TT + TTTTTTT+TTf4fT E ij M AKE shopping easier by ♦ reading our ads today ♦ ♦ ♦♦♦♦♦♦♦♦♦♦♦♦♦♦♦♦♦ THE DAILY JOURNAL-HERALD THE JOURNAUHERALD RECEIVES THE FULL UNITED PRESS WIRE NEWS REPORTS ♦ ♦♦♦♦♦♦♦♦♦♦♦♦♦♦♦•f T HE latest news earliest; ♦ a paper with an opinion * ♦ ♦♦♦♦♦♦♦♦♦♦♦♦♦♦♦♦♦ WEATHER—Fair tonight and Tuesday. DELAWARE, OHIO, MONDAY' EVE NING. APRIL IT. 1»1«. VOLUME 7*. NO. :«1. PRICE TEN CENTS PER WEEK By I'nited Press. Kan Antonio, Tex., April 17.—General Pershing left Cusihuiraoliic with a cavalry detachment to view the that of Villa, it wan announced at headquarters today. Pershing should be able to give positive advices in a few hours as to whether the body is that of the fugitive bandit unless the corpse is in such a condition as to prevent identification. Funston Is Active. General Funston today wired army officers at Douglas, Ariz., to look up a Doctor WIckman, who treated Villa for months last fall and have him view the body. To make the identification more certain Funston also sent out queries seeking other men who have known Villa more or less intimately during his recent career. This course on the part of the major general, despite the fact that no official intimation has come to him of Villa's body having been found, indicated Funston was placing considerable faith in the reports from Mexico. Villa In Region. He declared he ha'd no Information on which to base a surmise that the body is Villa's. Rut Fnuston laid emphasis on the fact that the point \ where the body was exhumed is near the region where Col. Howze reported Villa's latest operations—the La- Borja region. Howze knew beyond question that Villa was in that section, it was stated at headquarters, hut the time was not made clear. Dr. Wickman treated Villa for a blood disease and was held captive for tvio months in order to assure Villa medical attendance. He escaped the Villista army when the forces reached a point near Douglas and army ofnrials lost track of him. Funston, he <aid, personally would not view the body even if it were Villa's, and brought to the border to be seen by the American officials. I 10 By United Press. San Antonio, Tex., April 17.— Lucking official advices of Francisco ViHa's death, Major Genera! Funston today wrdered General Pershing to rush a detachment into the mountains west of Parral, where Villa was reported to have taken refuge. Other forces, totalling 200 men, were hastily finishing defensive works at Santa Cm/, to meet any move on the part of the Carranzistas in Parral. Major R L. Howze reported he had definitely located Villa in the mountains, following a clash in which one American trooper named Kirby was killed and two severely wounded. Sharp Clash Met. Howze and his force were making a detour in the region of La Rorja, northwest of Parrel, when they encountered a Villista band. A sharp clash followed, he reported. The Villista casualties were not stated. Shortly afterward Howze and his detachment of the Tenth cavalry leaped into the fight at Santa Cruz., where the American forces had retreated after being trapped at Parral. and •aided- them in turning back the Mexicans. No Relax an Yet. Despite the official Mexican advices of Villas death, there was a disposition at headquarters to await [word from Washington or General i Pershing to that effect before relax- jing the pursuit. Though War Minister Obregon was reported to have received official advices that Villa had been slain, officials here did not give the report full credence and expected the chase to continue. Air of Expectancy. There was an air of expectancy about headquarters today. Over Sunday, since the first detailed report of the Parral clash came from Genera! Pershing, the tension increased perceptibly. Developments 1 of an important nature were expected in today's reports and interest centered in the region of Santa Cruz and Parral. Reports from various Texas points told of preparations by the militia to relieve the border guard in case of necessity to permit th<' sending of additional reinforce- 1 ments into Mexico. IS READY TO 00 British Aerial Observer Shot Down by German Anti-Air Craft Artillery V♦♦♦♦♦*♦♦ < ♦ "* +1 ♦ BUCKEYE BRIEFS * ii^«* ># (♦♦■♦••♦■♦♦•♦■♦♦■'•♦♦♦•♦•♦♦♦I ■ three high ed in the mili- Bandusky Thirty school girls are euro tary training class. Cleveland—Fire starting in the basement of the Wilshire block, a six-story building, gutted the structure, causing $75,000 loss. Cleveland -Nearly 24,000 fans jammed the ball park here to see the Indians wallop the Tigers, 4 to '■',. GREECE MAY BE THRUST INTO WAR T ca> SH0T IN THE PHE. ■ajfiO By i'nited Press. London, April 17.—Decisive steps by the allies have forced a new crisis at Athens, with the possibility that Greece may find herself thrust into war ;iL'ainst ber will. i rerriding the objections of the Greek government, the allies have begun transporting Serbian troops ' by l-ii! from Corfu to Salonika. The Austrian and German governments, according to Athens dis- patches today, protested several days ago that they would regard it as a deliberately unfriendly act if Greece permitted this troop movement. French correspondents at Athens reported today that King Constantine An amusing incident of the fire alarm turned in for the fire at the J. J. Halliday farm Sunday evening was the mistake made by the telephone operator in ringing the bell at the fire station and then notifying the department that the fire was at "the Halliday barn.'' As the big bell is never supposed | to be rung unless the fire is in the City and the only barn in Delaware city known as the "Halliday barn" was the big barn at the corner of Spring and Franklin streets, oeea- pied by Mont Blackford, the fire laddies rushed the big trucks to thie point, but found the fire waj elsewhere. E JOINED IN WEDLOCK By I'nited Press. New York. April While the is incensed at the action of the al-1 lion roared an accompaniment to a linj; and may attempt to stop the calliope's wedding march, Francis transportation of Serbian troops show of arms. by a At Verdun and elsewhere along the western fighting front aerial combats between individual fliers are now s ocommon that they frequently are not mentioned in the dispatches. Only when many machines engage in a regular atmospheric battle is the event recorded, as was the case a few days ago, when 16 machines, eight from each side, engaged in combat near Verdun. Successes are about even, hut the individual recordijrobably remains with Lieutenant Immelmann, the famous German flier, who recently "bagged" his thirteenth enemy machine. All the armies are 'perfecting their anti-air" craft guns and are recording successes like the tragic event recorded by the camera in the accompanying picture—the recent shooting down by Germans o fthe British aviator, Lieutenant Ferrick. CLAIMS HE Iooooooooooooooooooooooooon ! 5 I ° I o i ° ° o o § o Ioooooooooooooooooooooooooo NEW YORK—John D. Rockefeller, Jr., "came back' 'to his old Bible ! class and in a short talk urged hear- I ers to have religion enter into their Oddities in News Today TO EIVE NOW By United Press. Providence, R. I , April 17. Ed-Iwindow, hit cement sidewalk 70 feet ward Glenoris, an inmate of the] below and cam- up smiling. Physi- Rhode Island state prison, has told | dans couldn't find a bruise on him. the police that he helped bury thejTh" window has been screened, body of Dorothy Arnold, missing New York heiress after she was murder- everyday life. NEW YORK—Sammy Wandraff,' 22 months, fell from a fourth story: i(v fnitecl Press. Chicago, April 17. — Caroline Kis- l-year-old Arlington, O., girl, IS Or MR. HAAS Former Senator William E. Haas Monday received his commission from the postoffice department as postmaster at Delaware to succeed Hon. E. Lee Porterfield. Mr. Haas will take charge of the local postoffice May first. Short and Miss Elsie Reineking were made man and wife in the most unusual wedding New York has ever seen. The pair are midgets with a big circus and were married in the center of the ring with two witnesses on one pair of legs—the double bodied man performing the function. A giant six times the size of the bridegroom was best man and the bride came only to the knee of the bridesmaid, a giantess. The happy- pair were wished well by glass eaters, sword swallowers, long-whfs- kered men, bearded ladies, Circassian girls, fat boys and a few undistinguished biphysical peculiarity. The groom is a 72 pounder and the bride weighed but 69. ered officials announced today. An] investigation of Glenoris story was begun at once. Glenoris swore that a plot to dispose of Miss Arnold's body was tram- ed in a Seventh avenue saloon. He! NKW Jr. 18 screen i YORK — DeWolf Hopper, months old, is the newest tar. He appears with his father in "Sunshine Dad." SPRINGFIELD, Mass. — Michael I'assalino no longer believes in preparedness. In hand ball game his "artillery" slipped from his pocket BY ROBERT J. BENDER ( United Press Staff Correspondent, j Washington, April 17.—President Wilson's new note to Germany probably will go forward tonight. It was stated at the White House today that the president had devoted practically all his attention to preparation of the communication Saturday and Sunday and expects to put the last wor on it this afternoon. All the preliminary wor has been completed by Secretary Lansing and it is probable the president will not confer with the secretary of state again before the note is dispatched. The cabinet already has ratified the substance of the note and there is ne necessity of the president holding it up for a final review of the cabinet tomorrow. It la still held likely that when the communication is completed the president will go over it with members of tbe house and senate foreign relations com mittee but thus far he has made no request for an appointment with Senator Stone or Representative Flood chairman of the committees. COULDN'T FIND HIS WHITE SHOD WIFE swore that a mysterious man possess-|an(1 Michael is in the hospital with ing great wealth hired him'and another man to go to New Rochelle. He was to have receilved $250 for standing guard while his "pal" disposed of the body. bullet hole through his right km By United Press. Chicago, April 17.—Jedediah Sil- verthorn, 53, Ashtabula county, Ohio, was here today looking for his "bride-to-be a 37-year-old blonde wearing white shoes with white stockings peeping out between tbe tops of the shoes and a blue skirt." Jed was to have met here yesterday. After waiting at the depot he told the police he counted 724 women wearing white stockings and shoes, "and gol ding it, the Chicago wim- men—they've got mighty slick ankles." His bride-to-be, said Jed, was Mrs. Anna Thompson whose acquaintance he made through a matrimonial paper. FATHER IS SCEPTICAL. New York, April 17.—Francis R. Arnold, father of the missing Dorothy Arnold, said this afternoon that he takes no stock in the story of a convict in the Rhode Island prison that he helped bury his daughter's body. . I "So far as it appears on the facej By United Press. of the man's story, he is talking ut-! Middletown, O., ter nonsense," said Arnold. "I shall i Jennings, 20, was I ter, who swallowed enough poison ordinarily to kill 20 persons after she found out that a man was only "fooling" her was putting up a grim [or life today. She want:- to live now, after discovering that the Bear of m;s-step can be worn grace-j fully when friends believe in her. i 1>,J ' nlted Press. .Miss Kister told police who found Columbus, April her unconscious in a South Side bo-1General Hough is in | tel, thfct she had been cabareting day and Is expected the night before. answer to the charges made Satur- "I sipped something from a tall I day in the senate against Ohio mlll- glass. I didn't like it, she said, j tia officers by Senator Borah, "But the man laughed and said it Hough left Columbus last night couldn't hurt, so I drank it." armed with records of the depart- She said the man then took her ment which he said would show con- to a hotel and locked her in a room, clusively that Borah's charges that OK SHELL Vpril 17 One . 'I itor, It A me I' ll to- I make no move unless something further develops and that I leave to the state prison authorities. I have received no communication from them and never heard of any of the circumstances outlined by the prisoner." April 17- held today "He told me." she said, "that we would elope to Crown Point, Ind., and be married. He never came back." Physicians and society women have offered Miss Kister their services in efforts to help her. They have made J. Franklin Kister, her father, a i guest in their homes. Miss Frances agjarl | Gallagher of Toledo, an old friend, ._ „ ! has taken charge however of Miss O. N. Q. officers "misappropriated" government funds or spent them extravagantly are false. charge of killing James Nichols, 30, | Kister. Physicians say there is a and David Brooks, 45, last night. !chance she may live. London—State officials as yet have no clue to Clarence King, 40, Columbus murderer, who escaped from the pen farm here Saturday. Poughkeepsie, N. T.—Vassar girls refuse to forsake high heels in order to save the grass of the college lawns and outdoor theater. Nichols sustained a broken neck j by a blow from a fist. The police ! say Nichols and Jennings had a quar- I rel six weeks ago. Brooks interceded, officials were j told and was later found with a j fractured skull near the Big Four I station. Alvin Gravenstein with Jen- Cleveland—With only a mutual pledge to "perform faithfully to the community all duties necessary to its welfare," R. L. Wolf and Mss Anne Page, Brooikline, Mass., were united for- life. The nsual ceremony was omitted. ' The pledge was legal be- nings when the killings occurred, ac- cange ^^ ^ ^ cording to the police, was arrested. New York—John McCormack paid $20,000 for the Corot "Nymphs Bathing" at an art sale here. John is a singer. Urbana—A new Masonic temple, costing $45,000, will be dedicated In June. II fir WILL SCALE HOTEL ALIEN Jack "Williams, known as "the hu man fly" will make an attempt to scale the front wall of the Hotel Allen Monday evening at 6:::n o'clock. Mr. Williams has made quite a name for himself in this venturesome proceedings and a crowd is expected to see this evening's performance. By United Washington, lean was ■ . lad 17. — Adjutant Austrian Washingtoi to make a full The woui ' Gastave Is foreman ot the Bergengarden furniture Company of Minneapolis; the other An ericas is Am r Swennsi father Is band leader of thf tillery at Ft Warren, Boston. The consul's message said: "The Russian ship Imperator, with a cargo of lumber from Gulfport, Miss . to Marseilles, was three times shot at by cannon, without warning, one taking effect. Slw* was subsequently set fire to by Austrian submarine. This occurred April 11, near the Columbrede Islands. Two American citizens in crew. Gustav Olson, now in hospital with shrapnel wounds, and Abner Swennson injured." * h ose si ar- Marysville—Harvey Flmey bring* suit against the B. & O. railroad lor $25,381 for injuries sustained in Orient wreck. Marysville- Silas Gray. "J, eivil war veteran, died after a brief Rlneee of pneumonia. Manchester—Body of Ida Stephenson, 44, was found in the Ohio river here. She Is believed to have committed suicide.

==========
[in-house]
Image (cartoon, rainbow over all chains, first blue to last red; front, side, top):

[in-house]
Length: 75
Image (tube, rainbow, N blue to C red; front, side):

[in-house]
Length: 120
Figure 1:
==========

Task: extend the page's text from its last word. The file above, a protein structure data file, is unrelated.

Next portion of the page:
|Title||The Daily journal-herald. (Delaware, Ohio), 1916-04-17|